tations developed throughout a rather large area extending from east-central
Missouri through central and southern Illinois, widening to include most of
western Indiana and narrowing again to continue across southern Indiana into
southwestern Ohio (see map). Light to moderate infestations also occurred
in some localities of southern Michigan, east-central Ohio, and north-central
Pennsylvania. The most severely infested area included southern Illinois,
southern Indiana, and southwestern Ohio. In this area most of the fields
observed were injured to some extent and much fallen straw was in evidence.
It is in this area thn.t the greatest danger of serious fall infestation is
apparent.

Judging from rather fragvmntary evidence from Illinois, Indiana, and
Ohio, the rate of mortality in the aestivating puparia due to desiccation
and parasites is unusually high. Several dissections made at Lafayette
during early August showed only 1 to 9 percent live puparia. Summer mortali-
ty, however, is al-'i.ys high and, at least in the areas of moderate to heavy
spring infestation, enough flies will undoubtedly survive the summer to
produce a heavy fall brood if normal or above-normal rainfall should occur


-309-


BULLE T IN


I NSE CT






-310-


in late August and early Septemnb-r. Tho farmers in those areas should be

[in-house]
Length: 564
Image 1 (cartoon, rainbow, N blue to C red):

advised to observe the safe sowing dates, plow wheat stubble under well
before seeding time, and to destroy volunteer wheat wherever possible.
The last two measures are more practicable than usual in the East Central
States because of the death fr.-n drought of the clover stands in many wheat
stubble fields.

Following is a summary of the data on which this report is based.


_____Aroen


Nc-'b raska
Southwest-- --
South-central .---- :
Southeast---------

Kansas
Northwest-.-------
North-central----
Northeast---------
So ith-central-----
Southeast---------

OCklnhoma
Yorth-central--- -
Northeast---------

.Missouri
Northwest---------
West-central------
Ea.st-contra.l-------
Southwest---------
Southeast---------

Illinois (Mostly from
Northern ----------
West-central _-- --
East-central------
Southern-._-------*


Mi Qhian
Southern----------


Northwestern_
1orthcastern------
'3Ist-cuntral------
Easft-ccntral------
Southwestern -----
So athacs tern------


Fields
amplcd

INumbc r


21
25


22
29
45
35
64


21
31


23
35
44
33
26

survey
29
77
24
51


4s


35
31
31
55
43
33


1 Trace.


by St


Stems infested
Av',r ar.-e .!'-txiir, ir __ ,nimrji
P, rcont : Percent : Percent

0 0 0
0 2 0



4 0
3 4 0o
1 8 0
1 16 0
3 22 0
S
0 0 0
(1) 4 o
S
S
3 20 0
7 30 0
11 38 0
.4 : 0
7 50 0o

ate entomoioxists.)
10 83 0
21 74 0
23 64 2
41 94 10


12 44 0


25 S 0
7 0
25 74 0
39 36 0
33 82 6
34 : 0
3)4* .-









-311-


Fields :Stems infested.
Area : sampled A Aver ac : Maximum : Minimum
Number Percent : Percent : Percent
Ohio (From survey bby- State entomologists)
Northwestern------ 90 6 0 0
Northeastern ---- : 130 11 0 0
Southeicstern------- 110 iS 0 0

Pennsylvania
West-central ---- : 15 4 22 0
North-central---- : 20 1' l1g 0
Southeastern-----: 70 4 14 0

Maryland -------------.- 4o- 5 0

Delaware--------------.. 15 1 6 0

Virginia
Northwest---------- 20 : 20 0
Northeast---------- 45 4o 0
South-central.. 15 1 4 0

North Carolina
Central ------------ 30 1 06